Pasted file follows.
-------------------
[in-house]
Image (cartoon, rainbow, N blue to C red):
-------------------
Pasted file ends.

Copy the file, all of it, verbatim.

[in-house]
Image (cartoon, rainbow, N blue to C red):